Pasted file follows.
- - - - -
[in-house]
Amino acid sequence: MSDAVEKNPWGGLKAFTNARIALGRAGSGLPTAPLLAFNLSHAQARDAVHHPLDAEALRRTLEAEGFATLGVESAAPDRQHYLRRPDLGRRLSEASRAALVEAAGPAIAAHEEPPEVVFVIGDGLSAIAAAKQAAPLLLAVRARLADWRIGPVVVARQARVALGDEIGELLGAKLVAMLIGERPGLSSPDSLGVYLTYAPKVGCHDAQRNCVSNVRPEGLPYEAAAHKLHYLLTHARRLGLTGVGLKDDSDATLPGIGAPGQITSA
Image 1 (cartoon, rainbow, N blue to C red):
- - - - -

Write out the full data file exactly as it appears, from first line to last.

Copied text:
[in-house]
Amino acid sequence: MSDAVEKNPWGGLKAFTNARIALGRAGSGLPTAPLLAFNLSHAQARDAVHHPLDAEALRRTLEAEGFATLGVESAAPDRQHYLRRPDLGRRLSEASRAALVEAAGPAIAAHEEPPEVVFVIGDGLSAIAAAKQAAPLLLAVRARLADWRIGPVVVARQARVALGDEIGELLGAKLVAMLIGERPGLSSPDSLGVYLTYAPKVGCHDAQRNCVSNVRPEGLPYEAAAHKLHYLLTHARRLGLTGVGLKDDSDATLPGIGAPGQITSA
Image 1 (cartoon, rainbow, N blue to C red):